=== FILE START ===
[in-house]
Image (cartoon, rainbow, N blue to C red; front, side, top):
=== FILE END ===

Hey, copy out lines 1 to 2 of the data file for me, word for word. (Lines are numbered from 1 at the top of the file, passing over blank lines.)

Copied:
[in-house]
Image (cartoon, rainbow, N blue to C red; front, side, top):